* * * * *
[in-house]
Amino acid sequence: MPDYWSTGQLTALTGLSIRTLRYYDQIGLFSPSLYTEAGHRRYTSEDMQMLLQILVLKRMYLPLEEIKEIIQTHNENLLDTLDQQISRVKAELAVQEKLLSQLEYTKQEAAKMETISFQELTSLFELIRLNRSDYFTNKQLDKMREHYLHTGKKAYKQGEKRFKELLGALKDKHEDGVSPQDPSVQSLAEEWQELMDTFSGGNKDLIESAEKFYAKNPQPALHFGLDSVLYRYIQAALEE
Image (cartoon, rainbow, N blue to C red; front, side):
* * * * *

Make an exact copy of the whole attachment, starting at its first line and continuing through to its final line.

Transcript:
[in-house]
Amino acid sequence: MPDYWSTGQLTALTGLSIRTLRYYDQIGLFSPSLYTEAGHRRYTSEDMQMLLQILVLKRMYLPLEEIKEIIQTHNENLLDTLDQQISRVKAELAVQEKLLSQLEYTKQEAAKMETISFQELTSLFELIRLNRSDYFTNKQLDKMREHYLHTGKKAYKQGEKRFKELLGALKDKHEDGVSPQDPSVQSLAEEWQELMDTFSGGNKDLIESAEKFYAKNPQPALHFGLDSVLYRYIQAALEE
Image (cartoon, rainbow, N blue to C red; front, side):